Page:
The first step is clarifying why it’s even important for them to do so. For publishers looking to keep their reviewers accountable for producing the best possible reviews, eliminating preferential treatment and bias within the review process, and boosting the quality of publications broadly, anonymous review is a powerful means for those ends.

The question remains: Tactically speaking, how might publishers get the most of anonymous review as part of their publishing process?

Let’s dig in and answer these important questions.

Insist on accountability

Anonymous peer review can be an engine for accountability, on all sides.

Those opposed to anonymous peer review argue that anonymity might lead to sloppy reviews.

That’s where your editors play a crucial role in the review process.

Even in a double-masked peer review, the editors always know the parties involved. They will know when someone is being unreasonable or outright nasty. Repeated sloppy or nonconstructive reviews can be easily be noticed in this context. The outcome of reviews can impact the reviewer’s career and their relationships with peers.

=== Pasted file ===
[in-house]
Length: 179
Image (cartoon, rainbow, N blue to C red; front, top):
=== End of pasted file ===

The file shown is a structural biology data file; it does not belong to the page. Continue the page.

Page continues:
While unhelpful comments can be prevented by an editor, their primary job is not to sort through negative commentary. Editors should be empowered to support reviewers and submitters in the drive towards quality publications. Anonymous reviews ensure that they don’t have to play moderators in addition to being editors.

A submission management software with built-in anonymous review workflows can help editors keep reviewers accountable for the best possible reviews while helping to assure quality in the review process.

With the right platform, each publisher can customize their own unique review process—all while keeping things anonymous for submitters and reviewers.

End preferential treatment

With anonymous review, the days of trading favors for good reviews are over.

While it’s often difficult to uncover such unfairness in the review process, an experiment done by Nature journals shed some light on how anonymous review (in this case double-masked) can help discourage such treatment. In the study, only 25% of papers under full anonymous review were accepted, versus 44% for papers that went the partially-anonymous route.